More trains to/from Sacramento, too!

Weekdays, the schedule will increase from 12 trains each way to 16.From Sacramento, additional morning trains will leave at 7:00 am, and 8:30 am. Existing train times are revised for later morning trains at 9:20 am, and 10:10 am. The big hole between 2:10 pm and 4:40 pm from Sacramento to Oakland (and San Jose) will be filled with a new departure at 3:35 pm and a new train at 7:40 pm. The last train will run a half-hour later at 9:10 pm. Going to Sacramento, there will be a new early bird train from Oakland at 4:30 am, arriving in Sacramento at 6:30 am. The current 10:45 am train from Oakland will run earlier at 10:15 am. Afternoon departures from Oakland will be at 12:15, 1:25, 2:50, 3:30, 4:10, 4:50, and 5:30 pm, a major improvement. The 3:30 train will still run through to Roseville and Auburn. There will also be a new later train from Oakland to Sacramento at 9:20 pm, again, by popular request.
On weekends, service will increase from 9 trains to 11 trains each way. As with weekdays, the two added round-trips will fill big gaps in afternoon and evening service. The 3:35 pm departure from Sacramento will go all the way to San Jose, just as it will on weekdays. A new 7:10 pm train from Sacramento will provide added choices for riders to travel to the Bay Area, and connect by bus to points south as far as Santa Barbara. From Oakland to Sacramento there will be new trains leaving Oakland at 4:25 pm, and 7:55 pm, again filling service gaps. And, the train to Roseville and Auburn will operate two hours later on weekends/holidays, giving day train-travelers two more hours in San Jose, San Francisco or Sacramento on weekends. Again, this last change is among the most popular rider requested changes.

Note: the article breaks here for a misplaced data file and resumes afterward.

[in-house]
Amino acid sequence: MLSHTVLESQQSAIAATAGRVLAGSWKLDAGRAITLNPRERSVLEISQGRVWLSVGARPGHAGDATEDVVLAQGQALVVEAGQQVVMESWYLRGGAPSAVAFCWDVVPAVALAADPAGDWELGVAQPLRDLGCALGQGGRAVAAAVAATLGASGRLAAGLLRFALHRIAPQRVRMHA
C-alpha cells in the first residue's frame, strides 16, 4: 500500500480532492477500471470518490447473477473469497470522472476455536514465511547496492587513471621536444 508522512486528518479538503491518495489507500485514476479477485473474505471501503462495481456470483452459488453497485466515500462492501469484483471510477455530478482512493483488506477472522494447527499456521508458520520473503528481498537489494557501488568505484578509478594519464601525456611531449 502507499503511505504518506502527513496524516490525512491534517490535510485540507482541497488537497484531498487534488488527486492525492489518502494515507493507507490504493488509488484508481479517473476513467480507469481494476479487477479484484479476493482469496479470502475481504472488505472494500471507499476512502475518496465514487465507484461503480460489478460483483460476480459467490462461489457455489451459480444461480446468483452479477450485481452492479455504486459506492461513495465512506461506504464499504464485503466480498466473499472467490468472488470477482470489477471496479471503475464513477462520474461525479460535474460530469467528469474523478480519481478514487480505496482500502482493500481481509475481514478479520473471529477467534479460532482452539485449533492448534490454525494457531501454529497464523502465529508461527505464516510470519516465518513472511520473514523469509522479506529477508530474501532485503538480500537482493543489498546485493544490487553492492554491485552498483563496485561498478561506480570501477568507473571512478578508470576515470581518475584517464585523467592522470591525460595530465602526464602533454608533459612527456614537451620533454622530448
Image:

Joint Ticketing with San Joaquin trains

As an added bonus, by arrangement with Caltrans (California Department of Transportation, Division of Rail), all passengers between Oakland and Martinez will be able to use any train operating between those two points using any valid Capitol Corridor or San Joaquin ticket. For riders in this busy part of our corridor, this will offer you 20 trains per weekday in each direction, or 40 weekday travel choices. San Joaquin trains stop at Oakland, Emeryville, Richmond and Martinez. They DO NOT stop in Berkeley. These San Joaquin trains will now be shown in the Capitol Corridor Timetable as a convenience to our riders.

Seat Occupancy